E-cigarettes - a briefing for schools

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This is a presentation aimed at school leaders and governors addressing the key information and questions that schools should consider when considering their response to e-cigarettes. It draws on a briefing from the Alcohol and Drug Education and Prevention Information Service (ADEPIS). Find more information about ADEPIS http://mentor-adepis.org/

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E-cigarettes - a briefing for schools

  1. 1. E-cigarettes and Nicotine Containing Products An ADEPIS presentation for school leaders and governors
  2. 2. Questions for Schools • Are e-cigarettes an issue for our pupils? • Are e-cigarettes harmful to pupils? • What issues should the school’s policies and guidance cover in respect of the use of e-cigarettes by pupils, and by parents on school premises?
  3. 3. What are e-cigarettes • Electronic cigarettes are battery- powered devices designed to deliver nicotine in a toxin-free vapour. • While many are designed and produced to look and feel like traditional cigarettes, others have different shapes and designs, and not all produce vapour. • Some products are currently being marketed as e-shisha. There is no meaningful distinction between e- shisha products and e-cigarettes, other than marketing. Photo from Flickr user Terry Ozon
  4. 4. Are e-cigarettes widely used by pupils? • Current smokers are more likely to have tried e-cigarettes than non-smokers • About 2.6 million adults are currently using e- cigarettes in Great Britain • Surveys suggest that the use of e-cigarettes among pupils is rare – 1 in 20 among 11-15 year olds who have heard of e-cigarettes had tried them once or twice – None were using them regularly Source: ASH/YouGov Smokefree GB Survey, 2015 Source: ASH, Use of e-cigarettes in Great Britain among adults and young people (2013) http://www.ash.org.uk/files/documents/ASH_891.pdf
  5. 5. Are e-cigarettes harmful? • There are no circumstances in which it would be safer to smoke than to use an e- cigarette. • However, the extent of nicotine uptake and safety of e-cigarettes has not yet been established and although at present we have little evidence of harm, this could emerge over time. • E-cigarettes generally contain nicotine, propylen glycol (used to create the artificial vapour), glycerin, water, and flavourings • The amount of nicotine contained in e-cigarettes can vary • There is very little quality control which often means there is difference between what is on the label and what is delivered to the user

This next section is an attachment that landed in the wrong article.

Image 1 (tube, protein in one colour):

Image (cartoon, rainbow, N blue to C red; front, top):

6. 6. NICE guidance on smoking cessation • Young people (aged 12-17) should be offered clear information, advice and support on how to stop smoking • Professional judgement must be used to decide whether or not to offer nicotine replacement therapies (NRT) to pupils • E-cigarettes should not be treated as NRT • E-cigarettes are illegal for under 18s
  7. 7. Issues for schools • From May 2016 e-cigarettes will be regulated either through the Medicine and Healthcare products Regulation Agency (MHRA) or through the European Tobacco Products Directive (TPD) • At present it is illegal to sell these products to under 18s. • DfE guidance says schools and FE colleges would be entitled to include e-cigarettes to their list of prohibited items should they choose. – NB schools must follow the DfEs guidance when exercising powers to search and confiscate items from pupils.
  8. 8. Further questions • How will you control e-cigarettes in your school? – Does your drug or behaviour policies need to be updated? – How would a ban affect adults who are trying to stop smoking by using e-cigarettes? • How could e-cigarettes be included in the PSHE or science curriculum? • How can pupil’s current knowledge of e- cigarettes be assessed?
  9. 9. Further reading • ADEPIS, E-cigarettes and Nicotine Containing Products (NCPs) http://mentor-adepis.org/e-cigarettes-nicotine-containing-products- ncps/ • ADEPIS, E-cigarettes and NCPs: Resource update http://mentor- adepis.org/wp-content/uploads/2015/12/E-cigarettes-and- NCPs_Resource-Update.pdf • ASH, Use of e-cigarettes in Great Britain among adults and young people (2013) http://www.ash.org.uk/files/documents/ASH_891.pdf • DfE, Screening, searching and confiscation. Advice for headteachers, school staff and governing bodies, July 2013 http://media.education.gov.uk/assets/files/pdf/s/screening%20search ing%20and%20confiscation%20advice.pdf • NICE, Smoking cessation services guidance http://www.nice.org.uk/nicemedia/live/11925/39596/39596.pdf
  10. 10. About ADEPIS • The Alcohol and Drug Education and Prevention Information Service (ADEPIS) is a project run by Mentor, the drug and alcohol the drug and alcohol prevention charity and is funded by Public Health England, Home Office, and Department for Education. • Further resources are available from http://mentor-adepis.org

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